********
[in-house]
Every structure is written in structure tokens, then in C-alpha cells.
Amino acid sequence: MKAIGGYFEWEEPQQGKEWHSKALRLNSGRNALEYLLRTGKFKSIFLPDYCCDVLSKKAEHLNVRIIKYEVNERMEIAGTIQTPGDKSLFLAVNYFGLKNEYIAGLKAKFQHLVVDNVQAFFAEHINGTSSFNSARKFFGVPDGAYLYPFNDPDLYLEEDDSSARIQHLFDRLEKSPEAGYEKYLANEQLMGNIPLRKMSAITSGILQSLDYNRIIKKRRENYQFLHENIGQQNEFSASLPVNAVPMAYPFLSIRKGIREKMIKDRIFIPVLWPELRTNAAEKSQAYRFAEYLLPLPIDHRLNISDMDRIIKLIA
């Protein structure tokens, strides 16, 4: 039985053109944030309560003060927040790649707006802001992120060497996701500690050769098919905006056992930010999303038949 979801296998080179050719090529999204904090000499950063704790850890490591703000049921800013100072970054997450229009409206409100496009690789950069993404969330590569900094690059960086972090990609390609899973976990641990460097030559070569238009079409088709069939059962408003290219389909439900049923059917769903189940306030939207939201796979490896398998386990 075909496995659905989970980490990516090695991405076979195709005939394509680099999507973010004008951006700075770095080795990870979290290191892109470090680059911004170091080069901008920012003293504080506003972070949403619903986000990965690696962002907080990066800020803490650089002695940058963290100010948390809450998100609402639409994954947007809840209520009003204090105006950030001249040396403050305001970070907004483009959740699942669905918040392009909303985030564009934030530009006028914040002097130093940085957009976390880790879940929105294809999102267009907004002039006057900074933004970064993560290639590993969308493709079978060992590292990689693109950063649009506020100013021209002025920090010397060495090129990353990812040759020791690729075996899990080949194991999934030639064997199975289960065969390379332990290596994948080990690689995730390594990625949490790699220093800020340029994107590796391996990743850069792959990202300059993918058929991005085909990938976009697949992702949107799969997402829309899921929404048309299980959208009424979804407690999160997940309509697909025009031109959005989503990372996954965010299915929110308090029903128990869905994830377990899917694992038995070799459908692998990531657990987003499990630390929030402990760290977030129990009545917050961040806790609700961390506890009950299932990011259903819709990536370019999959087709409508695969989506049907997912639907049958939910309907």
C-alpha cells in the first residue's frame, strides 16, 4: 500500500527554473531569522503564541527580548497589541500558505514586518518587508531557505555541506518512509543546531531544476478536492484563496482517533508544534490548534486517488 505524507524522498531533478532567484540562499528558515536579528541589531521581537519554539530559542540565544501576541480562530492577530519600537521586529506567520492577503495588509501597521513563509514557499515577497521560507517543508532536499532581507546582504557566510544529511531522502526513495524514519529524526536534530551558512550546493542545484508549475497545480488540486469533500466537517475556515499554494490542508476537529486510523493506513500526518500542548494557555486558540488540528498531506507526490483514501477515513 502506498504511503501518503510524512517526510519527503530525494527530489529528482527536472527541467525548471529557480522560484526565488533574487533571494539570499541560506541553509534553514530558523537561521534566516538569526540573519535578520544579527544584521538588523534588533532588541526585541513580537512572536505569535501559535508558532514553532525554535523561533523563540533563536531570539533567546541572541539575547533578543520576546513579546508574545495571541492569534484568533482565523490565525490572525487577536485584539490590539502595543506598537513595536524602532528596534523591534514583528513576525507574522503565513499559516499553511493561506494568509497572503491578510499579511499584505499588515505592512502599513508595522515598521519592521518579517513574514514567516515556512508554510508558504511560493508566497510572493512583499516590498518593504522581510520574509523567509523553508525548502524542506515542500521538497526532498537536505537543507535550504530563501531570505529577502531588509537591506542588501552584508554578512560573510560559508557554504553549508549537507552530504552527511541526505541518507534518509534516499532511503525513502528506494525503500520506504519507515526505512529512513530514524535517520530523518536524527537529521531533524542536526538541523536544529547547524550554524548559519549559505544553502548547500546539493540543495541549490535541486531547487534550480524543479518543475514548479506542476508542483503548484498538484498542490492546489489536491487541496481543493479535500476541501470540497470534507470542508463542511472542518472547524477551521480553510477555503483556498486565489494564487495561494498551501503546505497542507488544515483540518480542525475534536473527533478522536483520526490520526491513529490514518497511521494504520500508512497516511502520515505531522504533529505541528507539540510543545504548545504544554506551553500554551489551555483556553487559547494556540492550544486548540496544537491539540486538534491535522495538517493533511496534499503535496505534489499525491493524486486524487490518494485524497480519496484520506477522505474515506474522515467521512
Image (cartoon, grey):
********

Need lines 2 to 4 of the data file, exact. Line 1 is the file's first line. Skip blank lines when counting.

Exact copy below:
Every structure is written in structure tokens, then in C-alpha cells.
Amino acid sequence: MKAIGGYFEWEEPQQGKEWHSKALRLNSGRNALEYLLRTGKFKSIFLPDYCCDVLSKKAEHLNVRIIKYEVNERMEIAGTIQTPGDKSLFLAVNYFGLKNEYIAGLKAKFQHLVVDNVQAFFAEHINGTSSFNSARKFFGVPDGAYLYPFNDPDLYLEEDDSSARIQHLFDRLEKSPEAGYEKYLANEQLMGNIPLRKMSAITSGILQSLDYNRIIKKRRENYQFLHENIGQQNEFSASLPVNAVPMAYPFLSIRKGIREKMIKDRIFIPVLWPELRTNAAEKSQAYRFAEYLLPLPIDHRLNISDMDRIIKLIA
């Protein structure tokens, strides 16, 4: 039985053109944030309560003060927040790649707006802001992120060497996701500690050769098919905006056992930010999303038949 979801296998080179050719090529999204904090000499950063704790850890490591703000049921800013100072970054997450229009409206409100496009690789950069993404969330590569900094690059960086972090990609390609899973976990641990460097030559070569238009079409088709069939059962408003290219389909439900049923059917769903189940306030939207939201796979490896398998386990 075909496995659905989970980490990516090695991405076979195709005939394509680099999507973010004008951006700075770095080795990870979290290191892109470090680059911004170091080069901008920012003293504080506003972070949403619903986000990965690696962002907080990066800020803490650089002695940058963290100010948390809450998100609402639409994954947007809840209520009003204090105006950030001249040396403050305001970070907004483009959740699942669905918040392009909303985030564009934030530009006028914040002097130093940085957009976390880790879940929105294809999102267009907004002039006057900074933004970064993560290639590993969308493709079978060992590292990689693109950063649009506020100013021209002025920090010397060495090129990353990812040759020791690729075996899990080949194991999934030639064997199975289960065969390379332990290596994948080990690689995730390594990625949490790699220093800020340029994107590796391996990743850069792959990202300059993918058929991005085909990938976009697949992702949107799969997402829309899921929404048309299980959208009424979804407690999160997940309509697909025009031109959005989503990372996954965010299915929110308090029903128990869905994830377990899917694992038995070799459908692998990531657990987003499990630390929030402990760290977030129990009545917050961040806790609700961390506890009950299932990011259903819709990536370019999959087709409508695969989506049907997912639907049958939910309907």